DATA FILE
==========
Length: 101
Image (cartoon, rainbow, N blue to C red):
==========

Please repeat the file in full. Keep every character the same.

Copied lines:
Length: 101
Image (cartoon, rainbow, N blue to C red):